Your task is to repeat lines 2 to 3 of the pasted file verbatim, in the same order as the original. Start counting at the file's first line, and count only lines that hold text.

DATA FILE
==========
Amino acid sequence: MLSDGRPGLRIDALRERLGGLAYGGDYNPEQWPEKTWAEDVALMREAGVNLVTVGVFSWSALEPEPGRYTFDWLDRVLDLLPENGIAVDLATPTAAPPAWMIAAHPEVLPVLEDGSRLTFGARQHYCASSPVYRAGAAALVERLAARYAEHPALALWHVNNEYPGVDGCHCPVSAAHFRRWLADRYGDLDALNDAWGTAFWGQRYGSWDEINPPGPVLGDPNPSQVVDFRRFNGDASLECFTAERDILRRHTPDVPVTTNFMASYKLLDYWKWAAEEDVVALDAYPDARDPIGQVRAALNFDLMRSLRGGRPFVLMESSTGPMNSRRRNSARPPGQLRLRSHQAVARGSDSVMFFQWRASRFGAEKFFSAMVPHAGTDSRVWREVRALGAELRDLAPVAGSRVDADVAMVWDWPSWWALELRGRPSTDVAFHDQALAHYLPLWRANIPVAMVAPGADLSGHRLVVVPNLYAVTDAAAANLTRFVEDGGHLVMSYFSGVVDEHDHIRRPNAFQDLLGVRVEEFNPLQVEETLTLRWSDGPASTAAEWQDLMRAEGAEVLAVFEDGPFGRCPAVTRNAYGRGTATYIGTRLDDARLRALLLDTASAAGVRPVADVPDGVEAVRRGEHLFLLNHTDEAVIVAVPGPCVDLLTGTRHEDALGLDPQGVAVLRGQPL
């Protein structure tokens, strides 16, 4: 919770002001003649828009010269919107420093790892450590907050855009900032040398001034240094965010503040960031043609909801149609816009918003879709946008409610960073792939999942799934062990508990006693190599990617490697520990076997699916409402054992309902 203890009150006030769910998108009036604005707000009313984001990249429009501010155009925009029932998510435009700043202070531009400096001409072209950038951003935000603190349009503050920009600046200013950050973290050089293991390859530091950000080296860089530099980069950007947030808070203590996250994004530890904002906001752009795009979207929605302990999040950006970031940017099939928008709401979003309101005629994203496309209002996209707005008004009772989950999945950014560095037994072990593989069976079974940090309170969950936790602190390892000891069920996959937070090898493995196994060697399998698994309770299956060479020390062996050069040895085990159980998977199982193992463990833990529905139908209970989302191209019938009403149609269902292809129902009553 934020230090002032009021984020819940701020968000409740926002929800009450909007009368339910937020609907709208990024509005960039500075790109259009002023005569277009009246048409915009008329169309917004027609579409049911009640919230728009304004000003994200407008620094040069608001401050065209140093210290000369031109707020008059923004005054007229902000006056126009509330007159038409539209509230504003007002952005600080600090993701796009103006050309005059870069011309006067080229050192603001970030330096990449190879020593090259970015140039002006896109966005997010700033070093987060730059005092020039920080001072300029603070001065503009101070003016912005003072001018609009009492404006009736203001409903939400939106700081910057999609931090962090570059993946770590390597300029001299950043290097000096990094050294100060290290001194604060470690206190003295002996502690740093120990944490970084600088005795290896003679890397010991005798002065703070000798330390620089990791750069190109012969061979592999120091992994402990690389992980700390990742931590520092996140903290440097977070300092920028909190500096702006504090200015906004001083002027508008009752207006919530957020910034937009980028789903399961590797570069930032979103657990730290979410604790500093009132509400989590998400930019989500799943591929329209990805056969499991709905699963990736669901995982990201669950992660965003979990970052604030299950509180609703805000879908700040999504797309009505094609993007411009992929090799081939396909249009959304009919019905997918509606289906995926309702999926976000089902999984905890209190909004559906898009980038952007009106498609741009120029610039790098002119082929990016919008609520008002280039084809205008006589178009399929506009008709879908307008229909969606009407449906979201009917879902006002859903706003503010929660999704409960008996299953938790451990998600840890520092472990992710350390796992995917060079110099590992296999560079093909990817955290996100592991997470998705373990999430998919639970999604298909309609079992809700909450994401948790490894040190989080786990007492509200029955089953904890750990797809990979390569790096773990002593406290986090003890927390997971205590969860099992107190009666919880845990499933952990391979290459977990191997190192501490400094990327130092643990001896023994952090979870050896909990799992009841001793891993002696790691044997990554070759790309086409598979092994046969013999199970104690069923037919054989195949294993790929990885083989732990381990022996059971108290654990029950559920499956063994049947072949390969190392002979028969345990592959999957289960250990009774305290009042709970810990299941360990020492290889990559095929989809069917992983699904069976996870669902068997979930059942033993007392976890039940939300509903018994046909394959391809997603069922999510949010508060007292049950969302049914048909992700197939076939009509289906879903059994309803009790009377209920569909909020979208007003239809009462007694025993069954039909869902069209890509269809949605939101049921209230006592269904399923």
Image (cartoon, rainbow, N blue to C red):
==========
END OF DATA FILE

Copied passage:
């Protein structure tokens, strides 16, 4: 919770002001003649828009010269919107420093790892450590907050855009900032040398001034240094965010503040960031043609909801149609816009918003879709946008409610960073792939999942799934062990508990006693190599990617490697520990076997699916409402054992309902 203890009150006030769910998108009036604005707000009313984001990249429009501010155009925009029932998510435009700043202070531009400096001409072209950038951003935000603190349009503050920009600046200013950050973290050089293991390859530091950000080296860089530099980069950007947030808070203590996250994004530890904002906001752009795009979207929605302990999040950006970031940017099939928008709401979003309101005629994203496309209002996209707005008004009772989950999945950014560095037994072990593989069976079974940090309170969950936790602190390892000891069920996959937070090898493995196994060697399998698994309770299956060479020390062996050069040895085990159980998977199982193992463990833990529905139908209970989302191209019938009403149609269902292809129902009553 934020230090002032009021984020819940701020968000409740926002929800009450909007009368339910937020609907709208990024509005960039500075790109259009002023005569277009009246048409915009008329169309917004027609579409049911009640919230728009304004000003994200407008620094040069608001401050065209140093210290000369031109707020008059923004005054007229902000006056126009509330007159038409539209509230504003007002952005600080600090993701796009103006050309005059870069011309006067080229050192603001970030330096990449190879020593090259970015140039002006896109966005997010700033070093987060730059005092020039920080001072300029603070001065503009101070003016912005003072001018609009009492404006009736203001409903939400939106700081910057999609931090962090570059993946770590390597300029001299950043290097000096990094050294100060290290001194604060470690206190003295002996502690740093120990944490970084600088005795290896003679890397010991005798002065703070000798330390620089990791750069190109012969061979592999120091992994402990690389992980700390990742931590520092996140903290440097977070300092920028909190500096702006504090200015906004001083002027508008009752207006919530957020910034937009980028789903399961590797570069930032979103657990730290979410604790500093009132509400989590998400930019989500799943591929329209990805056969499991709905699963990736669901995982990201669950992660965003979990970052604030299950509180609703805000879908700040999504797309009505094609993007411009992929090799081939396909249009959304009919019905997918509606289906995926309702999926976000089902999984905890209190909004559906898009980038952007009106498609741009120029610039790098002119082929990016919008609520008002280039084809205008006589178009399929506009008709879908307008229909969606009407449906979201009917879902006002859903706003503010929660999704409960008996299953938790451990998600840890520092472990992710350390796992995917060079110099590992296999560079093909990817955290996100592991997470998705373990999430998919639970999604298909309609079992809700909450994401948790490894040190989080786990007492509200029955089953904890750990797809990979390569790096773990002593406290986090003890927390997971205590969860099992107190009666919880845990499933952990391979290459977990191997190192501490400094990327130092643990001896023994952090979870050896909990799992009841001793891993002696790691044997990554070759790309086409598979092994046969013999199970104690069923037919054989195949294993790929990885083989732990381990022996059971108290654990029950559920499956063994049947072949390969190392002979028969345990592959999957289960250990009774305290009042709970810990299941360990020492290889990559095929989809069917992983699904069976996870669902068997979930059942033993007392976890039940939300509903018994046909394959391809997603069922999510949010508060007292049950969302049914048909992700197939076939009509289906879903059994309803009790009377209920569909909020979208007003239809009462007694025993069954039909869902069209890509269809949605939101049921209230006592269904399923």
Image (cartoon, rainbow, N blue to C red):